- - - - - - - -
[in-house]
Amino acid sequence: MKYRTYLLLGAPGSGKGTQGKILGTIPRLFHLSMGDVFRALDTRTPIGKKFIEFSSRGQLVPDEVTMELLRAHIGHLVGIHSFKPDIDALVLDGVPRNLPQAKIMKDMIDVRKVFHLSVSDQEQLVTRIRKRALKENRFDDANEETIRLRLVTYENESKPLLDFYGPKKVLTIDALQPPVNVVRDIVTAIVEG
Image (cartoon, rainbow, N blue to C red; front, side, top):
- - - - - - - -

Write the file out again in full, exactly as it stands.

[in-house]
Amino acid sequence: MKYRTYLLLGAPGSGKGTQGKILGTIPRLFHLSMGDVFRALDTRTPIGKKFIEFSSRGQLVPDEVTMELLRAHIGHLVGIHSFKPDIDALVLDGVPRNLPQAKIMKDMIDVRKVFHLSVSDQEQLVTRIRKRALKENRFDDANEETIRLRLVTYENESKPLLDFYGPKKVLTIDALQPPVNVVRDIVTAIVEG
Image (cartoon, rainbow, N blue to C red; front, side, top):